This study differed from others of the same nature as it tracked drug court participants over a longer time period, which averaged out to be 13.5 years. And the researchers concluded that the Drug Court “appears to have long-term beneficial effects” in terms of reducing reoffending.

Head of the study NDAR Professor Don Weatherburn stressed that it was important to remember that those entering the Drug Court program aren’t people who’d “simply dipped their toe on the water of crime”, as a large proportion had committed serious offences and had long records.

“Almost 1 in 20 of the treatment group had accumulated 15 or more convictions,” the former BOCSAR executive director said in a statement. “Our findings therefore show that participation in the Drug Court program can have lasting positive effects on the lives of recidivist offenders”.

A brief history of the NSW Drug Court

Drug courts initially emerged late last century in the United States, with the first facility established in Florida’s Dade County in 1989. And by mid-2003, there were 1,044 drug courts operating across the US.

Drug diversion programs have been operating in Australia since 1977. However, the NSW Drug Court wasn’t opened until 1999, with its first location being Parramatta. The drug court operating in the Hunter opened in 2011, while the Sydney CBD facility commenced operations in 2013.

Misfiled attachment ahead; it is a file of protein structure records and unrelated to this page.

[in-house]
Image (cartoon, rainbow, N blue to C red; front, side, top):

The laws governing the NSW Drug Court are contained in the Drug Court Act 1998 (NSW) and the Drug Court Regulation 2015 (NSW).

Section 24 of the Act outlines that the court’s jurisdiction encompasses the criminal jurisdiction of the NSW District Court and Local Court, or any other jurisdiction vested in the court via the legislation.

These days, the team that runs the court consists of a judge, a DPP solicitor, a police prosecutor, a clinical nurse consultant, Legal Aid solicitors, a Community Corrections division coordinator and a court registrar.

The first evaluation of the NSW Drug Court, which was released by BOCSAR in 2002, found that it was “more effective than conventional sanctions in reducing the risk of further offending”.

Complementary facilities

After a long-term campaign calling for a drug rehabilitation centre to be established in Dubbo, the NSW government finally came to the table last November announcing that it would provide $7.5 million to see the facility realised.

Recently-elected Dubbo Lord Mayor Stephen Lawrence told Sydney Criminal Lawyers in July last year that a rehab centre was needed in the region, as it would give locals, especially the young, a chance to deal with problematic drug use before it gets out of hand.

On announcing the establishment of the Dubbo Drug Court, NSW attorney general Mark Speakman explained that while the local rehabilitation centre was a separate issue, the two initiatives were complementary.

“It’s likely there’ll be a separate facility that Corrective Services will run for the rehabilitation and detoxification of offenders,” the ABC quoted Speakman as saying at the time.